Copper Polymer Clay and Copper Leaf handcrafted beads made into this attractive necklace. Beads are protected with a satin glaze which prevents the leaf from oxidizing. Would be great for the holiday season.
Some new dangle bracelets and a few matching necklaces I recently made.
Murano Beaded Bracelet at my Polymer Panache shop: Click here:
is the difference between Venetian Beads and Murano Beads?
There is no difference. The glass used to make the beads
in Murano. However, Venetian Glass has been used to
glass coming from Murano for centuries and since Venice is
more widely known than the island of Murano, people
refer to it as Venetian Glass, Venetian Jewelry. So beads
made from beads produced in Murano are sold in the stores
Marco (the famous square in Venice) as Venetian Glass.
It's a matter
of marketing terms and that Venice is much wider known
than Murano. When the glass furnaces were moved from Venice to Murano,
the Doge specifically gave the residents of Venice the right to make
small pieces (lampwork) which included beads, small animals, the kind of
art made by the canes (which of course are produced in Murano).
Historically some of the best known bead houses have been in Venice,
namely in Cannaregio.
Blue Green Glass Bead Bracelet and Matching Necklace.
Pink Cat's Eye and Aqua Crystals Bracelet and Necklace.
All these handcrafted bracelets and matching necklaces can be seen at my Etsy Shop
Started making some dangling bracelets with some of the many beads I have in my stash.
The technology for glass beadmaking is among the oldest human arts, dating back 3,000 years.Glassbeads have been dated back to at least Roman times. Perhaps the earliest glass-like beads were Egyptian faience
beads, a form of clay bead with a self-forming vitreous coating. Glass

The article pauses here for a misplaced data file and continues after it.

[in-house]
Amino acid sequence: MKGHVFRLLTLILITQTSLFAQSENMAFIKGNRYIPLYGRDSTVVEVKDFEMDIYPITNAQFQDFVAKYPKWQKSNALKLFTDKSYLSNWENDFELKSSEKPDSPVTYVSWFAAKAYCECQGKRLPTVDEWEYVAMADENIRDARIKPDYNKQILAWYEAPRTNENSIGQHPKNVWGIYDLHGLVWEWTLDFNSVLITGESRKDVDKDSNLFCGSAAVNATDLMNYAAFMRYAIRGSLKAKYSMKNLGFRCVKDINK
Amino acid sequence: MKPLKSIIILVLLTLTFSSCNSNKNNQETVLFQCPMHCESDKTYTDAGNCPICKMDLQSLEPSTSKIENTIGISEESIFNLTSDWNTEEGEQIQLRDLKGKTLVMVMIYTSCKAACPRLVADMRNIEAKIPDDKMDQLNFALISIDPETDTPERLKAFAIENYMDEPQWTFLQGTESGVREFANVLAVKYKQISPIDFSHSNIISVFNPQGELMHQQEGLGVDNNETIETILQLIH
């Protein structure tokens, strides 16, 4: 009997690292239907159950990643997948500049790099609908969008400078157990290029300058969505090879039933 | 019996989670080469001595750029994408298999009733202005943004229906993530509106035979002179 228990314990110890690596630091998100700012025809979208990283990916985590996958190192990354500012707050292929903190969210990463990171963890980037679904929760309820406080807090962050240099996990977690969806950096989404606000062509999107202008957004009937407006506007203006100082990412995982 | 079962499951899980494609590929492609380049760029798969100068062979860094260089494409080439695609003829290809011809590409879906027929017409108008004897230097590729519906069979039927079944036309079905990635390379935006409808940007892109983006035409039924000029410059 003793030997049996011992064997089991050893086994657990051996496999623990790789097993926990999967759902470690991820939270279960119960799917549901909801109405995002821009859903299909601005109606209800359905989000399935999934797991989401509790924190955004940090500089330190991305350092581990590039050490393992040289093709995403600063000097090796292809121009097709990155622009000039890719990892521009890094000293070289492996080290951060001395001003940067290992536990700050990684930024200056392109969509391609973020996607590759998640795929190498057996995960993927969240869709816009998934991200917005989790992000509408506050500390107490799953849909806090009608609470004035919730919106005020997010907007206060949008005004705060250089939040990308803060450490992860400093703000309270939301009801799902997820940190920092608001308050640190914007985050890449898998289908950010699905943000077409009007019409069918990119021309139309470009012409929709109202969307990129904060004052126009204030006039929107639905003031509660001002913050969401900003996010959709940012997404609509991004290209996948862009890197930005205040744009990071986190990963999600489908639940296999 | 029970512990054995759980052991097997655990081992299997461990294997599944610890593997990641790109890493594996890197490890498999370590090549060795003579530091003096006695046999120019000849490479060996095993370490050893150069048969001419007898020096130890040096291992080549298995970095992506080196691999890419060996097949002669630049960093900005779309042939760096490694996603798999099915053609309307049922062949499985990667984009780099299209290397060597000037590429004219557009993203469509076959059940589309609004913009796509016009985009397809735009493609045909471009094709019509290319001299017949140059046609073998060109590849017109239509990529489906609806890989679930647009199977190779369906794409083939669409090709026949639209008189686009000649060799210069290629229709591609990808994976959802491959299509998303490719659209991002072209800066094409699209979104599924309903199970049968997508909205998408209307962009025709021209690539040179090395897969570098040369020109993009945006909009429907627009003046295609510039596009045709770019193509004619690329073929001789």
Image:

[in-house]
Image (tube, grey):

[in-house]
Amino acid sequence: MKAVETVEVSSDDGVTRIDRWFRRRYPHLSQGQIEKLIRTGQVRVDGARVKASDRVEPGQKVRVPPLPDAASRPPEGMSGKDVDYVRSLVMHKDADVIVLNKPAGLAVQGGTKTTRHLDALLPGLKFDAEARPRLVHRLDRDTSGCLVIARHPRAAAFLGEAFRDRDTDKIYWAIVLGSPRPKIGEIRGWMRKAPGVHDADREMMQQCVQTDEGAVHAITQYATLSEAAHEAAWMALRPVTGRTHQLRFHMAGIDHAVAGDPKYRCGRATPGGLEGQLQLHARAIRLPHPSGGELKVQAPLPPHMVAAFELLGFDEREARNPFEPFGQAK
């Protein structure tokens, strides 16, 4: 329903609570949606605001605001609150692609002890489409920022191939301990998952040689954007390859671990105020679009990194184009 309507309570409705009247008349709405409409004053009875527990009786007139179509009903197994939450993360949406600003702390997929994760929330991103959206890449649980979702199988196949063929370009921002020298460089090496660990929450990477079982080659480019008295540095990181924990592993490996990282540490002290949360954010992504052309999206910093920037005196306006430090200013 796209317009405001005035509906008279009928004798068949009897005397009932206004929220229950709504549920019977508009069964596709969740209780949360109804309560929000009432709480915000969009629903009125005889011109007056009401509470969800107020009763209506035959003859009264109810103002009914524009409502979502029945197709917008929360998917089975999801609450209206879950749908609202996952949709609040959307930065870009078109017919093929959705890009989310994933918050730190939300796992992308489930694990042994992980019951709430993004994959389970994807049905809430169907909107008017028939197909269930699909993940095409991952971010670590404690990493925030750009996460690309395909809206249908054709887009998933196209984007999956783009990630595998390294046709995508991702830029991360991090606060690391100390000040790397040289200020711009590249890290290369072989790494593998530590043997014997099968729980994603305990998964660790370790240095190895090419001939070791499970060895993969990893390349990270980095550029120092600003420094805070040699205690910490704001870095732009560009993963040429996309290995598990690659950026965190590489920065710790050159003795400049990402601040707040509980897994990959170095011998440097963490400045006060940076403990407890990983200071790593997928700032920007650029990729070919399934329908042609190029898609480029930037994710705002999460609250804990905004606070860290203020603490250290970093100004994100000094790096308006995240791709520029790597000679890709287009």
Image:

beads are significant in archaeology because the presence of glass beads
often indicate that there was trade and that the beadmaking technology
was being spread. In addition, the composition of the glass beads could
be analyzed and help archaeologists understand the sources of the beads.
This blue bracelet is made with Furnace Glass Beads.
Italian glass blowing
techniques such as latticinio and zanfirico are adapted here to make
beads. Furnace glass uses large decorated canes built up out of smaller
canes, encased in clear glass and then extruded to form the beads with
linear and twisting stripe patterns. No air is blown into the glass.
These beads require a large scale glass furnace and annealingkiln for manufacture.
Earlier this month I played around with the idea of making necklaces with large bold beads in bright colors combining polymer clay, wood beads, crystals and other assorted beads to see how they would work out. Here are four that I liked the best.
Here are two new necklaces made of polymer clay using the Torn Watercolor Paper technique which I recently learned. The first one I tried is in a light blue clay and is 20 inches long. I then thought I'd like to use this technique using several pastel colors which would look more like a watercolor painting torn into little bits. I think I like this one the best. The pastel necklace is 19 inches long and both are available at my Etsy shop, here.
I'm really liking making all these roses and buds so I decided to make necklaces with different color roses. Here is one I just finished in three shades of yellow. Lots of crystals and pearls on this one too.
Worked very hard trying to perfect my first Roses necklace. It was a lot of work but in the end I think it turned out very nicely. This necklace has lots of roses and rosebuds made of polymer clay and other small flowers of clay also. Each flower has a pink Swarovski crystal in its center. I've added lots of pink crystals, pink pearls and some pale green Swarovski bicone crystals throughout the flowers.